College of Agriculture, Food Systems, and Natural Resources


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Marisol Berti - November 2018 RCA Researcher of the Month

NDSU forage and biomass crop production professor and researcher Marisol Berti is clear about why she’s at the university. “From the students to my partners in extension to my research activities, I just love my job!” This lifelong learner has found success as a forage and cover crops professor. “We are coming up with practical solutions to problems. That’s why our work has grown much in scope in just two years. People connect to what we’re doing because it makes sense and we’re making a difference in their agricultural practices.”

Along with the strong collaboration of other researchers, Berti is a practical scientist who has built an eloquent solution to the problem of protecting agriculture land from erosion. Her research team and other researchers (including extension specialists) have utilized more efficient planting strategies and figured out how to incorporate cover crops between the rows of regular crops. Employing a modified high clearance interseeder drill from Fargo’s Amity Technology, their research has successfully utilized the unplanted spaces by planting two rows of cover crops in-between crops as high as two feet.

“With the recent dry conditions this spring which have caused soil to blow away, our local farmers really appreciate the value of cover crops to protect against the problem of losing the topsoil,” she commented. “In addition, the recent low commodity prices have driven them to find new ways to reduce costs. Our work helps them accomplish both goals.”

By utilizing cover crops with agricultural value or those already targeted in crop rotation cycles, the process provides added value to the producer. The research team has targeted cereal rye for its winter hardiness and performance as cover crop in corn-soybean systems. Another hardy broadleaf, winter camelina, has also shown promise due to its unique ability among broadleaf cover crops to survive North Dakota winters. Berti points out that winter camelina flowers early in the spring, which makes it also beneficial to pollinators, and it has potential as a high quality oilseed crop. These plants, along with traditional alfalfa intercropped into corn, provide additional products for producers while ensuring there is no exposed ground in a field.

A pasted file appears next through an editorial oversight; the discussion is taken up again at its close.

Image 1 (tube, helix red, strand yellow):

Born in Santiago, Chile, Berti grew up in a family who loved nature and the mountains. She fondly recalls gaining an appreciation for agriculture and the land from her Italian grandfather who grew much of his own food. After earning her BS in agronomy from the Catholic University of Chile, she decided that a large city wasn’t where she wanted to live. When she received a recommendation from one of her professors to intern with a seed company in Breckenridge, Minnesota, she gladly accepted and moved north. It was during this time that she met NDSU professor Albert Schneiter during a field day. Dr. Schneiter saw potential in Berti and recommended that she continue her education at NDSU where she earned her MS and later her Ph.D. in plant sciences. Berti is a lifelong learner who loves to study so much that she would work on another Ph.D. if she had the time. She’s the author or co-author of 60 peer-reviewed publications, 22 conference publications, two book chapters, and more than 150 presentations at conferences or symposiums.

Berti’s love for nature is obvious in her other hobby. When not researching or teaching, she paints nature scenes, flowers, and landscapes. She finds painting is effective in getting her active mind to relax. While her style is realistic, her fine attention to detail is symbolic of her scientific method and discipline. Her pictures are a set of virtual windows in her office to the many places she’s seen and captured. She alludes to this in commenting that while she has lab space at NDSU, she believes her true lab is in the field.

Berti is PI on a four year $3.7 million USDA-NIFA-AFRI grant which includes 12 researchers from four institutions and 11 graduate students (ten from NDSU). Within two years, the project has scaled quickly from NDSU test plots to thousands of acres in farmer’s fields as the adoption of cover crops and interseeding technologies has grown.

While Berti is quick to note that her work is a modification on existing systems and ideas, she’s most proud when she discusses the impact of her work on the people of the area. She gains much from her interactions with other researchers, extension professionals, and agricultural producers. “All that I learn, I pass on to the farmers and they give me back much as well,” she says. “They have great ideas – I love talking with them and learning what they need. In fact, the USDA-NIFA-AFRI project was born from farmers’ ideas in a cover crops workshop three years ago. They are practical and this is a simple solution which is why it works for them so well.”

We recognize Marisol Berti as our RCA Researcher of the month for November, 2018.

Source: RCA Update

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